And speaking of those receivers, I still remain convinced that Anquan Boldin should have been the game’s MVP, regardless of his quarterback’s equally impressive effort or the big play-making that Jacoby Jones had a hand in (more on that later). Boldin caught the game’s first touchdown, made a series of drive-extending and eye-popping grabs, and without his 100 plus yards receiving and phenomenal play throughout, the Ravens would not have ended their night last Sunday as Super Bowl champions. Ray Lewis, even with god on his side, didn’t even play a factor in the game’s outcome, and Joe Flacco, riding the star power of the quarterback position, didn’t do as much as Q in the eyes of this writer. Boldin is among the strongest and most underrated at his position in all the league, and like former MVP wide receiver Hines Ward before him, did more than his team’s signal caller to secure victory on Super Bowl Sunday.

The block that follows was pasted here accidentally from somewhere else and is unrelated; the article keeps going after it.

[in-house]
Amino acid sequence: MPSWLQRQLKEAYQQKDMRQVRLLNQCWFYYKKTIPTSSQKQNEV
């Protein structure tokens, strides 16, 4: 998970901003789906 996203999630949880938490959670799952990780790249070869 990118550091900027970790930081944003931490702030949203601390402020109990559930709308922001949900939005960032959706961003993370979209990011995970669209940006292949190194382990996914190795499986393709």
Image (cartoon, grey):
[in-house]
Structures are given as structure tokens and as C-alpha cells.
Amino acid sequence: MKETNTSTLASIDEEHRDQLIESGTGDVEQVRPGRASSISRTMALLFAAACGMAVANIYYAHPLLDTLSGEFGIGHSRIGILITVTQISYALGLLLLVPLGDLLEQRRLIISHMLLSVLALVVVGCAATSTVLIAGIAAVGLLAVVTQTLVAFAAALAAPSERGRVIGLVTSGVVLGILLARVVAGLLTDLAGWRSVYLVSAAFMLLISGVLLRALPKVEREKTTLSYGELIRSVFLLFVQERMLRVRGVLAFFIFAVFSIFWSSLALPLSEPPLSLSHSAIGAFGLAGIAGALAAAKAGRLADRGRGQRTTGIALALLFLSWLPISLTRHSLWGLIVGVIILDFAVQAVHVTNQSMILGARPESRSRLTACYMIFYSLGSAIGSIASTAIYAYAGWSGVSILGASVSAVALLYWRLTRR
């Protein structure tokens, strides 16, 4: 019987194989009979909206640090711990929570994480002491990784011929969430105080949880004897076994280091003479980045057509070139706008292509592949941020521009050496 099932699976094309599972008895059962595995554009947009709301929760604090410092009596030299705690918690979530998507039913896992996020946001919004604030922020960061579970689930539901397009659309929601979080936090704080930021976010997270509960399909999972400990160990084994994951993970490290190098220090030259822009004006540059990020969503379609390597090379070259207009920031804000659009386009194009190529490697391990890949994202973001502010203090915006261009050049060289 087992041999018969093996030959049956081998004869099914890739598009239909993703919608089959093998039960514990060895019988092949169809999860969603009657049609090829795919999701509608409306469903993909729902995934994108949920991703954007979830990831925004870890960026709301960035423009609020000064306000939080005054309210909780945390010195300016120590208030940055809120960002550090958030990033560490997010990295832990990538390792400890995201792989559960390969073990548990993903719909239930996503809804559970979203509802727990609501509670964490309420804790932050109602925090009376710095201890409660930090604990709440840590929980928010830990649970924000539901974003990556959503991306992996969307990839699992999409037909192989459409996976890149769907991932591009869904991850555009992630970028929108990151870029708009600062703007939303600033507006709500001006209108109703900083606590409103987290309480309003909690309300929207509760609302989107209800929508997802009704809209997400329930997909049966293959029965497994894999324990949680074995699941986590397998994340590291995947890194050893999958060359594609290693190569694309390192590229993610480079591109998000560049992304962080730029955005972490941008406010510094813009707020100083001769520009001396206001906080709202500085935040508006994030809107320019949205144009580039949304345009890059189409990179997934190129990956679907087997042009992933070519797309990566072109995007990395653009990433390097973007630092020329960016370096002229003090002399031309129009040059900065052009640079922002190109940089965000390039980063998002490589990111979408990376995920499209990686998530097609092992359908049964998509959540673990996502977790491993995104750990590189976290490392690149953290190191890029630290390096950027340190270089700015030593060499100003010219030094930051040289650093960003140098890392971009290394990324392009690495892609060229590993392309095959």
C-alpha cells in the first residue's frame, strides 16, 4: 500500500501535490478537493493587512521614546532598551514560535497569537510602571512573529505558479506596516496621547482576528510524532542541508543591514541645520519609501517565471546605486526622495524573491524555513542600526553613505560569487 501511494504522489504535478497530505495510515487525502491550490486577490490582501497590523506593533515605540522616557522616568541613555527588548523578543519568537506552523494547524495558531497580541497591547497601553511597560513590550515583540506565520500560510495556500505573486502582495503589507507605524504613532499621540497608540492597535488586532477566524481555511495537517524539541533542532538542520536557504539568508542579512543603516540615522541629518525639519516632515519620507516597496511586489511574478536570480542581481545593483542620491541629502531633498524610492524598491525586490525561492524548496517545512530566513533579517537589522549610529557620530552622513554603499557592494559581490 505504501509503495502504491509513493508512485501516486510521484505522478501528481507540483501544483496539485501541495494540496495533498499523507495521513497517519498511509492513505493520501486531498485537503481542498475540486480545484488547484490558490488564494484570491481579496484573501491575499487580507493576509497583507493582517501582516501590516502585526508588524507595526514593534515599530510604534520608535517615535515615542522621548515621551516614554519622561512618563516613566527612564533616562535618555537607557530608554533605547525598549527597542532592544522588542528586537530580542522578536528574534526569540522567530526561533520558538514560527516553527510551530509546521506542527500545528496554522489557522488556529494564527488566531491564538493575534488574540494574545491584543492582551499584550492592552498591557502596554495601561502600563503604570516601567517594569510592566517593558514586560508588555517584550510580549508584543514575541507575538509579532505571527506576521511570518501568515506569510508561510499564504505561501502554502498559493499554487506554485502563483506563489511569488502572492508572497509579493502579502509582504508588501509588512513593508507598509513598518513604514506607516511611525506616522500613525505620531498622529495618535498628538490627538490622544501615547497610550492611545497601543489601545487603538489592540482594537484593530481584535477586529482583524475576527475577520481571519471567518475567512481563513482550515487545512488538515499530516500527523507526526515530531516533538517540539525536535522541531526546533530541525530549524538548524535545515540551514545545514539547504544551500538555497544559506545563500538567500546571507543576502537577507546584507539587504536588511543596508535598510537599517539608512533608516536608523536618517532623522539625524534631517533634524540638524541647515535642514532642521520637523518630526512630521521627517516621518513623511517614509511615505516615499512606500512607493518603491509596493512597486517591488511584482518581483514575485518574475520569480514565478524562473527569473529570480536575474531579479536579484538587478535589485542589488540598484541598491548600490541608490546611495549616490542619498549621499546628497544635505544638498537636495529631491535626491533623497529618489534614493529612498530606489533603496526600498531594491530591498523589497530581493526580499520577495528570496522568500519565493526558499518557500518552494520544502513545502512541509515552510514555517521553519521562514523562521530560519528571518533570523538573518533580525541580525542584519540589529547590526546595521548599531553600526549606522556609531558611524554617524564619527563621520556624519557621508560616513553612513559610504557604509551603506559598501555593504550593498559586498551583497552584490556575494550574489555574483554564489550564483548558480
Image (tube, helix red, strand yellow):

But back to the action...
By halftime, it looked like all was lost for the 49ers. They couldn’t cash in on the two drives they made deep into Baltimore territory, leading to a pair of field goals where touchdowns were necessary to keep them in the game. The murmurs around the room at my Super Bowl party were of the “here we go” and “at least we could’ve got a good game” variety. But then one Beyoncé Knowles took the stage for her halftime performance, and distracted us all from the rout that appeared to be on at the Superdome in New Orleans on Super Bowl Sunday.